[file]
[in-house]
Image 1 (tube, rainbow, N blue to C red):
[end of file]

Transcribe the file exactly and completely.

[in-house]
Image 1 (tube, rainbow, N blue to C red):